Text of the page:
Got it? Greg McElroy was sacked 11 (11) times today, and Jeremy Kerley, a wide receiver, surpassed Tebow's total yardage with one pass that went for 42 yards (Tebow has racked up 39 passing this year) about two minutes into the game. So. Yeah. What do two quarterbacks enconsced in perhaps one of the biggest quarterbacking clusterfucks of all time say to each other when they're both listed at #2 on the depth chart? Nothing, it appears:

We wouldn't be representing this game the way it happened if we didn't give you McElroy on the ground—but we went another way with it: Watch QB1 try to make a tackle after he threw an interception at the end of the third quarter. He's number 14. It took me a minute:

And finally, to get the taste out of your mouth, a 63-yard punt return touchdown from the Chargers' Micheal Spurlock. (Yes, #3 is the punter.) It wasn't the difference, but very little that could have happened during this one would have made much of a difference:

Denver 34, Cleveland 12: Each quarterback had what one might call his typical game in this one. Before he was knocked out of the game with an injured shoulder, Brandon Weedon was 12-19 for 104 yards. He was then replaced by Colt McCoy who was 9-17 for 74 yards. He did, however, make possible the Browns only touchdown. It was a six yard pass to Greg Little with just under eight minutes left in the game.


Peyton Manning, meanwhile, was re-routing and papa-bearing all over the place to the tune (XM 60!) of 339 yards and three touchdowns. The Broncos are now 12-3 and could be the top seed in the AFC with a win over Kansas City and a Houston loss to the Colts next week.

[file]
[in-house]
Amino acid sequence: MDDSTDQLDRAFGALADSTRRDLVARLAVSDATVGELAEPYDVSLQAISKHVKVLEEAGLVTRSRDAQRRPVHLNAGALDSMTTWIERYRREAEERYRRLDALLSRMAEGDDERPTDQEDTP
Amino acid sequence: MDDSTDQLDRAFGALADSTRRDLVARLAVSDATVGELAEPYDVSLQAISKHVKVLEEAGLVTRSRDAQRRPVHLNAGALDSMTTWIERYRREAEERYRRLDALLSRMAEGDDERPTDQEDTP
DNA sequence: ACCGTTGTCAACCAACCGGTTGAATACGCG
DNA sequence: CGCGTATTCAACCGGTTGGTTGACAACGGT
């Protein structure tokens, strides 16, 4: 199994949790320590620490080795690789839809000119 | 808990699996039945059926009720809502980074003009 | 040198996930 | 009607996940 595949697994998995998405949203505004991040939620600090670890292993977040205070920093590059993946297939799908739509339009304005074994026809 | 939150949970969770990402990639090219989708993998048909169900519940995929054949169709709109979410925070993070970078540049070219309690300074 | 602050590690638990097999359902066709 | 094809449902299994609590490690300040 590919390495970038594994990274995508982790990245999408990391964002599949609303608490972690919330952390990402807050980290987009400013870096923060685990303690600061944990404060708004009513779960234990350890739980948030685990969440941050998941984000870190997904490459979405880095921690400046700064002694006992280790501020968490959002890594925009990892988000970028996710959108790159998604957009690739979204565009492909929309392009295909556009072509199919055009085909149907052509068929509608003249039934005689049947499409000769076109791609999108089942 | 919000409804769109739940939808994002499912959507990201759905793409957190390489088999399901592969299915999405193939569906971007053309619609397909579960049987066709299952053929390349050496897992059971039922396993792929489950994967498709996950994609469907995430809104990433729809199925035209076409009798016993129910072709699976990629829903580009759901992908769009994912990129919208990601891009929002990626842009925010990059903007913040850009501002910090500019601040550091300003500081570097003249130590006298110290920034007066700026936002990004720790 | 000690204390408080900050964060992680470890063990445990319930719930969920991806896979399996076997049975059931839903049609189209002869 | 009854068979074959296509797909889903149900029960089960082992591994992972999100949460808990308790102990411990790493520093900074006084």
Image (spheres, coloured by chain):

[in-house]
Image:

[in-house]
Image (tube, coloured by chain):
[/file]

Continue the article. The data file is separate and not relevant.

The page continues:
This was just a brutal collision between Brandon Stokley and Sheldon Brown with a little less than four minutes to go in the first half. Manning found Demaryius Thomas for a quick hitter over the middle for 32 yards that was called back for an illegal pick on Stokley. Brown left the game with a concussion.

Baltimore 33, New York Giants 14: Well, that's not really how it's supposed to go. After a few seasons of dogging it in the regular season because they "can turn it on whenever they want," they Giants dogged it in the regular season and now need to beat the Eagles next week, and for the Vikings, Cowboys and Bears to lose, to get into the playoffs. The first part? Sure. The Cowboys losing to the Redskins? Maybe. The Bears losing to the Lions and the Vikings to the Packers? Stranger things have happened. But the Giants aren't close to controlling their fate anymore, and one gets the sense it sort of snuck up on them. After all, their one positive today was a touchdown celebration on their lone (non-garbage) touchdown. It was pretty cool though. David Wilson, with the only highlight for the Giants:

Chicago 28, Arizona 13: The Bears needed to win to maintain eligibility for the playoffs, and luckily, they played the Cardinals, who continue to be extremely bad. Someone named Ryan Lindley and another person named Brian Hoyer shared quarterback duty for Arizona; both threw one interception; neither threw a touchdown. One can imagine why the Cardinals thought they needed to get offense with trick plays, though I also believe it's illegal in most states to make a 62-year old kicker do this. Jay Feely is going to need some ice:

I'm pretty jaded, GIF-wise, but if this doesn't make you laugh, well, I don't know what to tell you. This gem from Devin Hester was nearly as good—this goes from a bad return to a good return back to bad return so fast, only Hester could have pulled it off: